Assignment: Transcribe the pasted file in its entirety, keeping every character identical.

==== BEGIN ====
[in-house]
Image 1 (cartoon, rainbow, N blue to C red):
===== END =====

[in-house]
Image 1 (cartoon, rainbow, N blue to C red):